Back in May I received a message from Kelly Virden at the Pine River Journal, who said there were "some nice, brownish and reddish birds" at the office. The birds made a nest at the peak of the roof that looked like a wasp's nest. She set up a bird feeder and the birds were big fans, she said.
I wrote back and said it sounded like a swallow's nest and that I would stop by and look the next time I was in town. Days passed before I did so. The nest was made by cliff swallows, one of six swallows found in Minnesota.
Many of us are more familiar with tree and barn swallows, but cliff swallows are internationally famous. On March 19 these beautiful birds migrate from South America to descend on the mission at San Juan Capistrano in southern California. Songs, stories, poems, and photos all have captured this wonder of timing.
Andrea Lee Lambrecht
Cliff swallows are elegant aerial acrobats and one of nature's most efficient insect predators. They can survive a day or two on berries when cold weather keeps insects from flying. Therefore, it's interesting that the swallows at Kelly's office fed on wild birdseed.
Equipped with long, pointed aerodynamic wings and short, wide, bristle-fringed bills, cliff swallows spend most of the day in constant search of food. Occasionally, they will rest on wires or tree branches. Their short legs are adapted only for perching, unlike bank and rough-winged swallows that use their legs for digging tunnels as well.
Although most swallows have notched or deeply-forked tails, cliff swallows have squarish tails that fan out and serve as braces. This tail shape serves to support the swallows when they land on the sides of cliffs, dams, buildings and bridges to build their nests.
Predominantly living in dense colonies, hundreds of gourd-shaped nests may occupy a site. Comprised of a thousand pellets of mud and clay, both sexes build their nest over a period of one to two weeks. The globular chamber narrows toward the entrance, which faces downward so that no water trickles in.
The adobe nests are sparsely lined with grass, hair and/or feathers. Females lay three to five white oval eggs with brown spots. The 15-day incubation period is shared by both sexes for the one brood of the year. Sometimes there are two broods.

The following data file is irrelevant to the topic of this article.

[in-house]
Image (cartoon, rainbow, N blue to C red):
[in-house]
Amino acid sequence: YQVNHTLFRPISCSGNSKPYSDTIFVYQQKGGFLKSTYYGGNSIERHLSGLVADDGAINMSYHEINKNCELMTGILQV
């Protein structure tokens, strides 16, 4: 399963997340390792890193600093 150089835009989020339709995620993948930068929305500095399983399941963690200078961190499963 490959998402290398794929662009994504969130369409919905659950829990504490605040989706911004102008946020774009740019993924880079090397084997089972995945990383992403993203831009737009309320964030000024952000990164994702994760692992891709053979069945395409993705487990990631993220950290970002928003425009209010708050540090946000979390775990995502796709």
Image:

Cliff swallows share the same cinnamon, white and iridescent blue color scheme as barn swallows, but in a different pattern. The throat, sides of the head and rump are cinnamon; the forehead and belly are white or cream; the top of the head is blue; the wings, tail and back are dark, with white tiny lines down the back. The neck collar and upper breast are buff.
Twenty-two species of swallows are found in the Americas and throughout the U.S. Five species are found in Minnesota: tree, northern rough-winged, bank and barn. The violet-green swallow is considered a casual species.
Cliff swallows also live in Europe. In 1974 in northern Europe, an early, widespread frost killed off the insects, trapping millions of birds without food. In a unique and unprecedented conservation effort, a small percentage of the birds were air lifted south to areas unaffected by the frost. Ah, my kind of people!
So Kelly and staff, there you have it. Enjoy the swallows in the coming weeks before frost sends them winging to warmer climes.
ANDREA LEE LAMBRECHT, naturalist and outdoors photographer, may be reached at firstname.lastname@example.org.
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